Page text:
“Purple Harvest”

What could this be?                                          “This image perplexes me”
Bruised fingers perhaps?
A rare exotic disease?
No, today was my purple harvest day and it was a bumper year,
and this was the state of my fingers after picking the illustrious bounty.

I shook one of my amaranth seed heads and a few plack pearls fell into my hand…it was picking time.

I went down to Home Depot and picked up these two day laborers to
help me for a very reasonable price. Half an hour later we had a couple
of vessels filled with picked seed heads…now for the fun part…not.

Amaranth seeds are plentiful, each seed head has hundreds of tiny seeds buried deep in tiny little husks. On initial inspection it seems like you would be able to simply turn the seed head up side down and shake? Oh no, that would be way too easy. I have developed a unique shelling technique, but it is way to nerdy to get into detail here. This extracting process is labor and time intensive, it took myself (and my day laborers) a full morning to shell these containers.

This was how the tray looked after extracting the seed, a lot of color and a lot of empty husks.

Here is a close up of the shiny seeds looking remarkably like Hematite. I also developed an interesting technique for separating the empty husks from the seeds, this resembled a “panning” movement of the tray. I felt like a gold prospector. This scene on my porch must have looked totally mad, note to self:
I must invest in one of those old prospector hats for next year’s harvest, that, and a rock tumbler.

“I’ve got my good eye on you ESP, you little whippersnapper”.

 Here are the husks separated into a bucket

After taking a brief break, I walked back outside to catch one of the day laborers acting like Groucho Marx, messing around in the discarded seed head bucket. I had to let them go…ridiculous!

And the end result of all this labor?

A full bag of amaranth seeds, I would have sown these today if it wasn’t for all the wind we have been having.

Moving along…

The Post Oak tree is starting to show it’s winter structure again, it’s final leaves are falling fast. Still some decent color in the yard considering it is mid-december.

Talking of color:

My first cayenne peppers are now turning brilliant red.

“Sharing the stillness of the unimpassioned rock, they share also its endurance; and while the winds of departing spring scatter the white hawthorn blossoms like drifted snow, and summer dims on the parched meadow the dripping of its cowslip-gold — far above, among the mountains the silver lichen-spots rest, star-like, on the stone.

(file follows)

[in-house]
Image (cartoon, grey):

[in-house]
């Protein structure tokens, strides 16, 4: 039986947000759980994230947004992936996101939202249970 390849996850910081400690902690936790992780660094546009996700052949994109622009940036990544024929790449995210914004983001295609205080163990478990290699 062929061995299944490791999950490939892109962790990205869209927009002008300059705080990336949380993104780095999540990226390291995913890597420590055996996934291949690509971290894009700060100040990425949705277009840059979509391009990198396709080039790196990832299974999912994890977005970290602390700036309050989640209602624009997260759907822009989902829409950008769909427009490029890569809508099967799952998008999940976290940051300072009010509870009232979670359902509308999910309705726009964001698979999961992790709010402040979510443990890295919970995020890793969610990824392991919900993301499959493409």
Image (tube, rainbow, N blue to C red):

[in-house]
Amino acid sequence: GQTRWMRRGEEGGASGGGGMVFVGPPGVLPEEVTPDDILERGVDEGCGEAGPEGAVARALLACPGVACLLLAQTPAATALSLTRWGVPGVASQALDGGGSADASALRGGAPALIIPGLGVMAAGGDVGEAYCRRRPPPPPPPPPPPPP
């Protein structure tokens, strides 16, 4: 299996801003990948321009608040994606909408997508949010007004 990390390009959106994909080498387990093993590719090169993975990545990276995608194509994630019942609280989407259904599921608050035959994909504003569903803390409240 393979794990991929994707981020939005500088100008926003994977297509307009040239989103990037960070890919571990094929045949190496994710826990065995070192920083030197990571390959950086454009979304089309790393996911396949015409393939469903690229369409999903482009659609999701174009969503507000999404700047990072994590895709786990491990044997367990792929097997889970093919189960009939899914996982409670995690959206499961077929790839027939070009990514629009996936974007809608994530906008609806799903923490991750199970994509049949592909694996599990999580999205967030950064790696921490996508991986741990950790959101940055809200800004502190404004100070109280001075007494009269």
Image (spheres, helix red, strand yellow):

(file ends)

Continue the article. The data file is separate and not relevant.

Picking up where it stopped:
— John Ruskin

I’m a “Lichen” these miniature plants(Oh Dear) , I think that old prospector must have accidentally dropped some gold dust out of his pan on this one.

Looking like a hubble telescope topographical image, the colors on this lichen on one of my moss boulders is incredible. Lichens are important partners in nature’s ecosystem. They are an early colonizer that reestablishes life on rock and barren disturbed sites. Lichens play an important role in soil formation over much of the earth. As lichens colonize rocks, they trap dust, silt, and water. I believe this type of lichen is a Crustose lichen. I can’t believe I am identifying lichen!

Oh and I forgot to mention they have great names too, (snort) (adjusts glasses):
Powder-tipped antler lichen; black-eye lichen; bloody heart lichen; cowpie lichen; elf-ear lichen; five-o-clock shadow lichen; hairball lichen; naked kidney lichen; tattered rag lichen; and blackened toadskin lichen; rock pimples, earth wrinkles, angel’s hair, freckle pelts, fog fingers, dragon’s funnel, tar-jelly, and old man’s beard, and fuddy dunster to name but a few!
Okay so I made the last one up.
I have some bad news, my Donkey’s Ear has become infected!  Poor thing.  The good news is something has started to happen on the flowering front, though it is not what I was anticipating at all. I was expecting the blooms to pop open more like flowers instead of this slow alienesque emergence. This plant has done so many unusual things this year…
…from its unusual martian looking self-propagation technique, to the more recent hoisting up of this fine burgundy candelabra (right).

My Dwarf Miscanthus is now over half way through its transition from green to painted streaks of purple and brown. Ornamental grasses are a mainstay in my yard, they keep a winter garden looking full when most things have died back.

Other things witnessed this week:

Wizened yucca seed pods.

Pink Salvia fangs…the final flower of the year.

An agave spike pulling his spikey coat tightly around him in anticipation of colder weather to come.

And a really disturbing picture to end!
Ten points for guessing what this chap has landed on?

Looking for some good ideas to buy people for christmas?
Mr Cholmondley-Warner has some ideas:

Stay Tuned For:
“Bah HumBugs”

All material © 2008 for east_side_patch. Unauthorized reproduction prohibited.


~ by eastsidepatch on December 13, 2008.

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